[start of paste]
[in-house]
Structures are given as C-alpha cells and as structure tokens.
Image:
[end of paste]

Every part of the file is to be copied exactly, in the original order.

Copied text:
[in-house]
Structures are given as C-alpha cells and as structure tokens.
Image: